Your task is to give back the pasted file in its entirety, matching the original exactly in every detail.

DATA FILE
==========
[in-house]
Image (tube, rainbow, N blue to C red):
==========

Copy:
[in-house]
Image (tube, rainbow, N blue to C red):